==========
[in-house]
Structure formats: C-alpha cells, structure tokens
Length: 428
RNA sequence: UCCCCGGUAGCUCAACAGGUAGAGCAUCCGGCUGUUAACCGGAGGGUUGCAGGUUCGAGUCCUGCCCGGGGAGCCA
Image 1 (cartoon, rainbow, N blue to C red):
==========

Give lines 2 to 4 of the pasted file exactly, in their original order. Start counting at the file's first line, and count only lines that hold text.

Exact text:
Structure formats: C-alpha cells, structure tokens
Length: 428
RNA sequence: UCCCCGGUAGCUCAACAGGUAGAGCAUCCGGCUGUUAACCGGAGGGUUGCAGGUUCGAGUCCUGCCCGGGGAGCCA